The BMJ's experiment with online "peer review"
November 9, 1998: “We all know,” states a British Medical Journal (BMJ) editorial (1) “that it [peer review] is expensive, slow, prone to bias, open to abuse, possibly anti-innovatory, and unable to detect fraud. We also know that the published papers that emerge from the process are often grossly deficient. Perhaps,” the editorial continues, “because scientific publishing without peer review seems unimaginable, nobody has ever done what might be called a placebo controlled trial of peer review. It has not been tested against, for instance, editors publishing what they want with revision, and letting the correspondence columns sort out the good from the bad and point out the strengths and weaknesses of studies.”
In reality, publishing without peer review is entirely imaginable. "Editors publishing what they want" and allowing qualified readers to comment in the correspondence columns is the norm in magazine publishing beyond the confines of academia. It was in accordance with this editorial model that naturalSCIENCE was established as a medium for articles by scientists who wish to communicate with a wide audience (2). This is not, however, the model currently adopted by the BMJ in an exercise it describes as "dipping our toes in the water of online peer review" (3). Specifically, BMJ states, that it is "posting an article before we've peer reviewed it, let alone decided whether to publish it in the paper journal."
"We are," the Journal goes on to state, "soliciting your comments about the article (4), which we will post as we receive them" (5). In addition, says the Journal, "The article is also being peer reviewed in our usual way, and our intention is to post the reviewers' comments, and those of the journal's editorial department, as they become available."
By undertaking this experiment, the BMJ seems to have abandoned its original and sensible idea, adopting instead a process of questionable propriety. Rather than making an editorial judgment about the work and publishing it (on the ground of its presumed merit), with or without revision, the BMJ has published an article without so much as running it through a spell-checker, let alone performing the editorial functions proper to a publisher; namely, to search diligently for and to correct errors of spelling, grammar, construction, logic and fact that detract from what is of value in an author's work. If publishers fail to fulfil their editorial role, who needs them? Authors might as well deal directly with a printer or the Internet equivalent.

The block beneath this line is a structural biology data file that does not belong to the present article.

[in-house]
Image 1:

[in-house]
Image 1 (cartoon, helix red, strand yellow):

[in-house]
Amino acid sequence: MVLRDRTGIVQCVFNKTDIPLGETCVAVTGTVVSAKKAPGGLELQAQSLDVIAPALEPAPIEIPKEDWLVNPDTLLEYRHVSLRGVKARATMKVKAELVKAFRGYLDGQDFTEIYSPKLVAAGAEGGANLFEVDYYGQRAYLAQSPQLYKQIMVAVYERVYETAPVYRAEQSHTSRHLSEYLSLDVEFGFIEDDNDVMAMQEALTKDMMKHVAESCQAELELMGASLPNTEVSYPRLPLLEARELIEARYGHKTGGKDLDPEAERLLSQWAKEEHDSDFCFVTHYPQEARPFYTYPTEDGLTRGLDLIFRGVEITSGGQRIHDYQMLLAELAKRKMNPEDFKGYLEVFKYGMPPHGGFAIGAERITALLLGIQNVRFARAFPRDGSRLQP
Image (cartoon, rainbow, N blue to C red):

The truth, however, is that almost every author needs a publisher, or the editorial equivalent. Samuel Johnson remarked that William Shakespeare never wrote six lines together without a mistake. Lesser authors may rarely manage six words together without a mistake. A publisher's role is to add value to an author's original work by applying editorial resources to eliminate as many errors as possible. The end result should be readable, concise and logically coherent. This the BMJ has failed to ensure in their current experiment. As a consequence, the authors of the article that is the subject of the BMJ's experiment have been ill-served.
The BMJ's process of so-called "online peer review" is as questionable as its decision to place an unedited article on the Web while disclaiming all responsibility for its deficiencies. No effort appears to have been made in the current round of open comment to obtain contributions from individuals with a special knowledge of the subject. Furthermore, the comments are as unedited as the article to which they refer. The result is a collection of more or less interesting, brutal, or uncritically enthusiastic remarks, which, as of this date, provide nothing amounting to a detailed or comprehensive critique.
Although the BMJ's experiment may be useful in drawing attention to the proper role of a publisher, it is not an exercise to be emulated. This, however, is not to detract from the BMJ's earlier proposal for editors "publishing what they want ... and letting the correspondence columns sort out the good from the bad," provided, that is, that editors are selective about what they publish, edit what they select before publishing it, and solicit comment for publication from those able to speak with authority.
(1) Editorial. 1997.
Peer review: reform or revolution? Br. Med. J. 315 (September 27).
(2) Editorial. 1997. The aim of this magazine. naturalSCIENCE http://naturalscience.com/ns/articles/edit/plett_01.html.
(3) 1998. Help us peer review an article on line. Br. Med. J. http://www.bmj.com/misc/peer/index.shtml.
(4) Sekikawa, A., D. Aaron, R. Nishimura, B. Acosta and R. LaPorte. 1998. The metamorphosis of biomedical journals. Br. Med. J. http://www.bmj.com/cgi/content/full/317/7162/0/z
(5) 1998. On line review comments on "The metamorphosis of biomedical journals." Br. Med. J. http://www.bmj.com/cgi/content/full/317/7162/0/z#responses.
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